This isn’t a love triangle, it’s a square. The only romantic pairings we don’t see are Porter and Gabriel, which I honestly don’t think will happen, unless Gabriel’s allowed to bring a gun, and Dawson and Brooklyn. There is a scene between Brooklyn and Dawson where he comforts her and, in return, seeks comfort from her. It’s nothing more scandalous or salacious than a hug, but it’s a little bit more than a simple hug between friends.
There’s promise and potential in almost every relationship among all of these young men and women, with no stigma or jealousy. There’s no anger at Porter or Dawson for their bisexuality any more than there is a fetishization of Gabriel and Brooklyn’s own fluid sexuality. That’s not to say there isn’t — and won’t be — drama, but it isn’t because anyone is bi or gay or something else. It’s because relationships are complicated, and even while you’re in a life and death situation, people are people, and people want and need emotional anchors to help them through their trauma.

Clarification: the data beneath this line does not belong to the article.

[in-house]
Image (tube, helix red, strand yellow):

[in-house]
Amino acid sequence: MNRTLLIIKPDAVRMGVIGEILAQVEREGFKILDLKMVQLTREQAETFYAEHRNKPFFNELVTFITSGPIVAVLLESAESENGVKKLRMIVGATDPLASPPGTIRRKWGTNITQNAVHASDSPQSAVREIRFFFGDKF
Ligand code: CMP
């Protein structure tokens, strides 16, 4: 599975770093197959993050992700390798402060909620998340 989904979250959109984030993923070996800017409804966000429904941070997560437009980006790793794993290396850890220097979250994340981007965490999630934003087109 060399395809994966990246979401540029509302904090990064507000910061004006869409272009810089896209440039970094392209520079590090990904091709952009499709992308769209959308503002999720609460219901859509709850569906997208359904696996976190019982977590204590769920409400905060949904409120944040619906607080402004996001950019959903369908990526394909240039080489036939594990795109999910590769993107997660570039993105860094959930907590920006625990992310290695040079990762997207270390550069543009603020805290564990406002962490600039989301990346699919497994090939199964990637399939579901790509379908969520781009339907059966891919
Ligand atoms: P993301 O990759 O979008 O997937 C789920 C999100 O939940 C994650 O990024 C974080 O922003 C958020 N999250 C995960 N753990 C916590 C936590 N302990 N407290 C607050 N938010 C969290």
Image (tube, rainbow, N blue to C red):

The writing in this book is lovely, with descriptive, evocative phrases and this book has one of the few dream sequences that felt properly, eerily dreamlike. The pacing is taut with the ever present threat of the unknown, both the agency that held them captive and the all too real monsters hunting them. This book is a quick read, which is a shame, because I wasn’t prepared for it to end as soon as it did, though I was expecting the cliffhanger. There are hints and foreshadowing and I had a few speculations about where everything was going (and I was right on two of them and very off on a few others) and I can’t wait for book two. This is a young adult novel so there is a lot of emotional drama, confusion, and angst, but it’s very well balanced with drama, good writing, and an enjoyable story line. If you like science fiction, horror, government coverups, and teenagers as super soldiers, consider giving this book a try.